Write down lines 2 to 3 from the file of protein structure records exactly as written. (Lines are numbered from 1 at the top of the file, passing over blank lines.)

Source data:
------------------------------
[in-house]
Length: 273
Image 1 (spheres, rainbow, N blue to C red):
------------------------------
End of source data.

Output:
Length: 273
Image 1 (spheres, rainbow, N blue to C red):